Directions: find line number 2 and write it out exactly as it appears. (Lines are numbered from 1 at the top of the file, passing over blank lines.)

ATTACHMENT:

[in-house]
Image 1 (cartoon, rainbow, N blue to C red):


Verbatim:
Image 1 (cartoon, rainbow, N blue to C red):